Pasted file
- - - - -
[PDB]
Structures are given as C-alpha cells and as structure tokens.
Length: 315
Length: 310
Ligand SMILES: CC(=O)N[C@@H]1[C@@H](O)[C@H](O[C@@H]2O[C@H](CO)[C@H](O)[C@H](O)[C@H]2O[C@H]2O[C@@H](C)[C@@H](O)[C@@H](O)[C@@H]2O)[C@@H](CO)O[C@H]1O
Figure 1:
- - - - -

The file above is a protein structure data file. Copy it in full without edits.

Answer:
[PDB]
Structures are given as C-alpha cells and as structure tokens.
Length: 315
Length: 310
Ligand SMILES: CC(=O)N[C@@H]1[C@@H](O)[C@H](O[C@@H]2O[C@H](CO)[C@H](O)[C@H](O)[C@H]2O[C@H]2O[C@@H](C)[C@@H](O)[C@@H](O)[C@@H]2O)[C@@H](CO)O[C@H]1O
Figure 1: